The Children of Lir (1993). Written by Sheila MacGill-Callahan. Illustrated by Gennady Spirin. Motif: Evil Stepmother. This book is loosely based on an Irish folktale that tells the story of a king named Lir who has four children, a set of twin boys and twin girls. After the death of the queen, King Lir marries her sister. Unbeknownst to the royal family, the new queen has evil intentions. The evil stepmother casts a spell upon the children, turning them into swans. She swears to children that ...more
Jan 08, 2016 Michelle rated it it was ok
An Irish fairy tale Retelling. Lir, the king of Ireland has four children, twin boys and twin girls. His wife dies in childbirth so he marries her sister, who turns out to be an evil witch. The witch queen, jealous of the children, turns them into swans. The children must work with a variety of wild animals to lift their curse adn get rid of the evil queen.
This is an interesting fairy tale. The pictures are complex and a little in the style of late European medieval paintings. There is little w
Mar 19, 2013 Savanna rated it really liked it
Summary: The Children of Lir is a classic Irish version of the swan story: a king has four children, his wife dies, he remarries, his new wife is jealous and transforms the children into swans, animals befriend the children/swans, and eventually the spell is broken and the queen is forced to leave.

I love this story because it shows some of the Irish heritage in its story and it is beautifully crafted with the story meshing perfectly with the gorgeous pictures in the book. I intend to buy this bo
This is a picture book of the Irish myth of the Children of Lir. As the story goes, a King Lir's jealous second wife, Aoife, changes his four children into swans who are destined to perish through her devilish scheming. Unfortunately for her, the children outsmart her and work with their animal friends to survive and live once again with their father.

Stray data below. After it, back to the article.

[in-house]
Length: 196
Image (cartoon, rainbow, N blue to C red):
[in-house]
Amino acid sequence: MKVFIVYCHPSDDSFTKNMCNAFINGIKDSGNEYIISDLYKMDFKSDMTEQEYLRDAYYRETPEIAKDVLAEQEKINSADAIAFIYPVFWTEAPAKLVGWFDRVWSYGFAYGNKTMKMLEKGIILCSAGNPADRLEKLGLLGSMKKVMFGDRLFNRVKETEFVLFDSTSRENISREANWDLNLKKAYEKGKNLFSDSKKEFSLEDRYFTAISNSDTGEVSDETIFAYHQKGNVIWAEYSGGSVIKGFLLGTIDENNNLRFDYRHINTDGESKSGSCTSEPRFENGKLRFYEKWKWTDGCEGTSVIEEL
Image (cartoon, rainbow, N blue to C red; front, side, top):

The illustrations are beautiful and the story is captivating, although dark for very young children.
Kathleen Dixon
Jul 10, 2014 Kathleen Dixon rated it it was ok
I've been looking at a few versions of this tale. This one is very loosely based on the old tale, and that's fine - it's a good enough story. Unfortunately I don't like the illustrations - the book doesn't seem to know whether to have a quaint look, as in an old text, or whether to have very busy full-page pictures. Also, I quite dislike the people's faces.
Mar 24, 2008 Colleen rated it it was amazing  ·  review of another edition
Gennady Spirin is another great children's illustrator, injecting an old-world attention to detail, yet with a soft, dreamy quality. He's illustrated many famous titles and I hope to collect them all--for the kids, of course. Oh yeah, this Irish fairy tale is lovely as well.
Amanda Coppedge
Jan 30, 2013 Amanda Coppedge rated it really liked it
Shelves: celtic, read-in-2013
Love the illustrations. I have never heard this variation before. Some interesting possibilities for storytelling. Good for reading one on one with a child.